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Who Is Su

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When he met Su, Oliver Sacks found her case to be puzzling. “I had never before heard a story of someone losing virtually all memory of their previous life following a head injury,” he says. I told Su that her story is so incredible that I wondered if it was possible she was perpetrating a great hoax. She sympathized. “But I don’t know what I don’t know until I know it,” she told me.

Why hadn’t she seriously harmed her children or herself? What does she think prevented her from misconstruing a gallon of bleach for a gallon of milk? She knows from Jim that Patrick had once eaten fire ants, that she’d once made applesauce in a laundry-detergent container. The fact that no one got seriously hurt she attributes mainly to Jim. He labeled everything hazardous in the house with a cross and bones. “You were told that that was a rule,” Kassidy said to Su. And she was not prone to exploration. “Jim has a very strong personality,” Su told me. “There’s one way to do something and it’s Jim’s way. That was sort of the house I was raised in.”

When I reached Su’s parents at their home in Roanoke, Virginia, her 81-year-old mother, Janet, answered cheerfully, “Millers!,” as her 80-year-old father, Bob, manned a second phone on the same line. Their appreciation of the extent of Su’s losses had unfolded over time, they told me. They’d wanted to believe the experts—“The doctors kept saying there’s nothing wrong with her, and I thought, Yes, there is,” Janet recalled, “but if the doctors kept saying there’s nothing wrong with her, then, maybe, okay.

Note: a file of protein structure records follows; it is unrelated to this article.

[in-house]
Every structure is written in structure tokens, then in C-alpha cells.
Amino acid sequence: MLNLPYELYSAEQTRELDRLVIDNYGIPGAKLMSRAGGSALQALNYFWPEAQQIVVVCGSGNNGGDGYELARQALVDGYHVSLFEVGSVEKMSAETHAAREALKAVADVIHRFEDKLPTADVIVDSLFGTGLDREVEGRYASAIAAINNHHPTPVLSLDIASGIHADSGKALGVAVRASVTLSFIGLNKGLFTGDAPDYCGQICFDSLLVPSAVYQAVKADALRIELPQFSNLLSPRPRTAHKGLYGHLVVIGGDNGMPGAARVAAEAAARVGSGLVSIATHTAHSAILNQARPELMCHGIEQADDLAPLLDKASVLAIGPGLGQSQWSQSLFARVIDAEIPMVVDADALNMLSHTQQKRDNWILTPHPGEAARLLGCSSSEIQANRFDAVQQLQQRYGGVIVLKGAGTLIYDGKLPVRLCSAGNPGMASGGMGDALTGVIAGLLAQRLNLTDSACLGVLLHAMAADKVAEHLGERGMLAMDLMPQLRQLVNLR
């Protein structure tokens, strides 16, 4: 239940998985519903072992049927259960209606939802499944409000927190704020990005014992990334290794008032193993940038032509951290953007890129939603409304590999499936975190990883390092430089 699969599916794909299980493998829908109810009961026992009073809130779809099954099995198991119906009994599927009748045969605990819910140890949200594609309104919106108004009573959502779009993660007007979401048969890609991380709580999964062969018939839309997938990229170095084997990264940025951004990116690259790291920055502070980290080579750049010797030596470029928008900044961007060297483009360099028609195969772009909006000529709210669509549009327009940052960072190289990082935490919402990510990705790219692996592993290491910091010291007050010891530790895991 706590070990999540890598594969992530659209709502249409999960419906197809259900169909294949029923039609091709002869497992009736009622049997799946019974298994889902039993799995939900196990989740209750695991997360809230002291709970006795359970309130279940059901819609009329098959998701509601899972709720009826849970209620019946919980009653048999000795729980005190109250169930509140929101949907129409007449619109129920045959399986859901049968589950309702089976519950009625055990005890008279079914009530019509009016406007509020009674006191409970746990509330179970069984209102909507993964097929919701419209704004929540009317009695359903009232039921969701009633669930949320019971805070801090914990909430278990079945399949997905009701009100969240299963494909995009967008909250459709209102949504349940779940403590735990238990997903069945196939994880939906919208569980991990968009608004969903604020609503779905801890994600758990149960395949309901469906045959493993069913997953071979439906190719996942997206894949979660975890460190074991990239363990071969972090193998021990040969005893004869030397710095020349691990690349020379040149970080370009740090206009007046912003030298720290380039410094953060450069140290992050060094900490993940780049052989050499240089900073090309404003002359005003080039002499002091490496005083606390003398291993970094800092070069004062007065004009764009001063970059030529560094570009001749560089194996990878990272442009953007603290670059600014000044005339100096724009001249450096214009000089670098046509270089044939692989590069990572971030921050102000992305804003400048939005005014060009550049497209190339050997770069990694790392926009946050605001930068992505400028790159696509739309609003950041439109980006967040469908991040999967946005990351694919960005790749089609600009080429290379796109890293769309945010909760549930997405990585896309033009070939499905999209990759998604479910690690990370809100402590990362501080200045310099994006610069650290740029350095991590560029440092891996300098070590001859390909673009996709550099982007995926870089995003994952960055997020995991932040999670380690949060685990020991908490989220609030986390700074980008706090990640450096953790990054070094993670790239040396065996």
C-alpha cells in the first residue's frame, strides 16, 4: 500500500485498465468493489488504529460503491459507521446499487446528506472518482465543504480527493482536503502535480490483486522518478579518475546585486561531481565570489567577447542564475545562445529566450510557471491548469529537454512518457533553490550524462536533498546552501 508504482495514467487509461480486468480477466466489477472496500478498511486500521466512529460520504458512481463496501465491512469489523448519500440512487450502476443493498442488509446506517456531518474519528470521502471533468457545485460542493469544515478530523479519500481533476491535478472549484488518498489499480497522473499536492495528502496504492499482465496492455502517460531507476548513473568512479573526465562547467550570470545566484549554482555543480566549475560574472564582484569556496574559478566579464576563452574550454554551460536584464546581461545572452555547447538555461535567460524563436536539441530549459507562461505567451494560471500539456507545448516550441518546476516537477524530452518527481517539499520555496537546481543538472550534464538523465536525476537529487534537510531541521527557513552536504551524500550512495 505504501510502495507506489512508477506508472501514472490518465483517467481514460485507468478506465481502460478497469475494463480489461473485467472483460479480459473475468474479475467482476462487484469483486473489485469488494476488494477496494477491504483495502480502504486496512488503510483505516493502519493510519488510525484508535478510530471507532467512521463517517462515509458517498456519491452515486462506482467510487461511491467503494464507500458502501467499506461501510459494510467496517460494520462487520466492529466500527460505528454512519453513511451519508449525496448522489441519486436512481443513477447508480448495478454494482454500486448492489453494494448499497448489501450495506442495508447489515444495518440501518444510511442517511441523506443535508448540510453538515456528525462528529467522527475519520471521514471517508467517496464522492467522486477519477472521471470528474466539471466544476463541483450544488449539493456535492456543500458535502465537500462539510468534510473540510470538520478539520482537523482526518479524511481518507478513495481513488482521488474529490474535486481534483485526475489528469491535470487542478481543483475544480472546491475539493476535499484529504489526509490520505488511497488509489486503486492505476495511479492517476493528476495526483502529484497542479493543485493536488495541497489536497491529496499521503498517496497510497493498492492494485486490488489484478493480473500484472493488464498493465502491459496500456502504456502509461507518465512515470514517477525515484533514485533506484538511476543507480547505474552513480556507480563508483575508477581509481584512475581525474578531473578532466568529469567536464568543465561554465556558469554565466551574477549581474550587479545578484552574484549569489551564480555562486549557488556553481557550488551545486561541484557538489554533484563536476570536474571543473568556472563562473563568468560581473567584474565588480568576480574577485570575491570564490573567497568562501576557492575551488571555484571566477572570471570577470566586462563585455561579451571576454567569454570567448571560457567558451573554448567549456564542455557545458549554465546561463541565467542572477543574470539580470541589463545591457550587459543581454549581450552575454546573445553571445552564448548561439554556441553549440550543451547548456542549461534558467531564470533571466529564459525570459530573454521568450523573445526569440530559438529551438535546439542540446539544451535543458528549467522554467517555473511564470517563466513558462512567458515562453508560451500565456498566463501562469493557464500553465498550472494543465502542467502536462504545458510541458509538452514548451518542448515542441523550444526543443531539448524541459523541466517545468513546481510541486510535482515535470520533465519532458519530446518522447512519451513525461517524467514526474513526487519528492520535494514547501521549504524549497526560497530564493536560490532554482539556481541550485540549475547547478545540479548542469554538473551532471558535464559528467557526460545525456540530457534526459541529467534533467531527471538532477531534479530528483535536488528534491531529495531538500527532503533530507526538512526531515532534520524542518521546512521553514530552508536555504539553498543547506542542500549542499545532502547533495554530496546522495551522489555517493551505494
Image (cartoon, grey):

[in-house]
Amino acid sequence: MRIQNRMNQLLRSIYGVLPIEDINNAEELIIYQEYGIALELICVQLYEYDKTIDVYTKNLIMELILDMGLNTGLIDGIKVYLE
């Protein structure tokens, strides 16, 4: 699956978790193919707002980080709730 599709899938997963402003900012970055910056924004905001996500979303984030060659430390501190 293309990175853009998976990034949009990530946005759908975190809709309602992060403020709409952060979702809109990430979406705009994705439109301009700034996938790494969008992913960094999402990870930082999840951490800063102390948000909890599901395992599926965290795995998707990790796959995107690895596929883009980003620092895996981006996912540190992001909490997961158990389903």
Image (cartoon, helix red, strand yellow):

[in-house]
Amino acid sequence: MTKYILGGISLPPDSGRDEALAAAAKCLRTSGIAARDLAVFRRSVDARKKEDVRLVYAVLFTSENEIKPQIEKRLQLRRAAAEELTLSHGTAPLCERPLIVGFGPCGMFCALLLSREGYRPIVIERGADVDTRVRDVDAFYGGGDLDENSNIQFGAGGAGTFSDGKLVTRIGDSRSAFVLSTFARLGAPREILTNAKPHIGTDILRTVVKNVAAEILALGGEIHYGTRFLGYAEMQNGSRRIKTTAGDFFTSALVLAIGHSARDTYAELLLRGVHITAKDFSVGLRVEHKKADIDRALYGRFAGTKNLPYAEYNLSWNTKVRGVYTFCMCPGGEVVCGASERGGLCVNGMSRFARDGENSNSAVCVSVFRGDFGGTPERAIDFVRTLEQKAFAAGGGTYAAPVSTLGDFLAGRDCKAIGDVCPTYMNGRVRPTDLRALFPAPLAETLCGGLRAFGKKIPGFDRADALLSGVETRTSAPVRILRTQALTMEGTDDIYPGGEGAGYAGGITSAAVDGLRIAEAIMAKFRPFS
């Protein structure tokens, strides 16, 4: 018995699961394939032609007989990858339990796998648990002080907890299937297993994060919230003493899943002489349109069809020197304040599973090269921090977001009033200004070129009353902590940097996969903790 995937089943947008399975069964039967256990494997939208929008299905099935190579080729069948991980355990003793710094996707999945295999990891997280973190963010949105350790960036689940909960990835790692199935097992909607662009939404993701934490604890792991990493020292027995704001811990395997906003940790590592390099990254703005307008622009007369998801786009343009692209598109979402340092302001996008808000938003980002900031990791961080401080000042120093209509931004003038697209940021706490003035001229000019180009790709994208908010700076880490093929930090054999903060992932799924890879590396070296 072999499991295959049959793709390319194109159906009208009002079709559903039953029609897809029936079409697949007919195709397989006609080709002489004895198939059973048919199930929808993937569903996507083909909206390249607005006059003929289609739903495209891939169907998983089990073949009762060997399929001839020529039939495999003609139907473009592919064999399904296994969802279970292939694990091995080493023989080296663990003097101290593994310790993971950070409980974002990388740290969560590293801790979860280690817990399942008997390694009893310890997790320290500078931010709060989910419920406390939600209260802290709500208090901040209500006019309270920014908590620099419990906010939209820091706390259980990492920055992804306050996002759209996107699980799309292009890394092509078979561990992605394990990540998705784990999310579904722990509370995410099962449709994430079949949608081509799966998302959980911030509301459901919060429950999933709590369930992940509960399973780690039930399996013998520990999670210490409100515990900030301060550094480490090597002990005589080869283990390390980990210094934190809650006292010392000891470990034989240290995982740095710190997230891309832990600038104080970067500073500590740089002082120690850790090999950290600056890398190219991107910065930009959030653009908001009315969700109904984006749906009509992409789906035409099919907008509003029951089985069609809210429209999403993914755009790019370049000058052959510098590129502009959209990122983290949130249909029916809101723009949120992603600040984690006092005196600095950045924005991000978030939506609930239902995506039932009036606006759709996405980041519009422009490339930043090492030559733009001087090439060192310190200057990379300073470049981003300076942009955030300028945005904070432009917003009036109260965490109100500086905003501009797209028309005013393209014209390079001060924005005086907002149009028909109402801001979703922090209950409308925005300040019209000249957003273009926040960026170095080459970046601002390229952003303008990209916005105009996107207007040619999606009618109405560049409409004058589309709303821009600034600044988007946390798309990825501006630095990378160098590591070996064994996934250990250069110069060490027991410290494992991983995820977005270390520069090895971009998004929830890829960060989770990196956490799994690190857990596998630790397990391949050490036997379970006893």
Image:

There were so many extenuating circumstances: They lived five hours away then, in Houston; Bob was working and traveling often; Su’s youngest brother, Mark, was still living with them. Su clearly didn’t remember them or anyone else (“Certainly a red flag,” Bob conceded). When she visited them a few months after her injury, Janet found her “out cold” on the floor, and though Benjamin said, “It’s all right, Grandma, she’ll be fine in a few minutes,” Janet did think, This is not normal. But Su and Jim had asserted their independence forcefully. Bob said he had flown to Ohio to plead with them not to marry and that he and Janet “were put in the position of having our daughter flaunt her own will against us, so that her married life was totally her decision, her bed to lie in.”

Su’s older sister Diane, with whom she is close today, was more straightforward. “To be honest, and I know it sounds horrible, I didn’t really like her very much.” she told me. The old Su had antagonized the family and “always sort of terrified” her parents. “I think it was easier for them to say, ‘She’s Jim’s problem now.’ ”

Which isn’t to say they didn’t worry. Janet fretted especially over Su’s driving; she’d been appalled to learn that, when driving down her street in Maryland, Su often pressed her garage-door opener in order to find her house. And yet even from her hospital bed Su had proved herself “an exceptionally quick learner,” Janet said, “and a good actress too.” They accepted her memory loss as they said she had, as “a lingering annoyance.”

“From our vantage point, she was doing it and seemingly surviving,” Bob said. “A significant concern? Yes. But an alternate solution? Well, we didn’t have one.”

Yes, Su told me in Northampton, she has wondered recently how things might have gone differently. And yet, difficult as her recovery had been, she is grateful for the outcome. She is convinced she and the children would have been shipped to her parents’ house, where, Su said, “they would have done everything for me—”

Kassidy interjected: “They would have treated her like a 4-year-old, or, like, a 2-year-old, or whatever—”

“—Which is what I was,” said Su.

“And you would have ended up in some supervised-living ­center,” Benjamin told her.

“And the fact that you got to Smith College,” said Kassidy, “if somebody’s being told their whole life that they have such a disability, and it’s such a horrible thing—”

“Yes,” Su agreed, “you’re not even going to try to go to Smith College.”

For a while, she ­mourned all she’d lost—“I would have cut off my left arm to have my memories,” Su said—until she realized that they were no longer hers to know. Indeed, she now says she is grateful she remembers nothing. Remembering some things would be worse.

“Now I think it would just fuck with me,” she said. “I would have to start all over again.”


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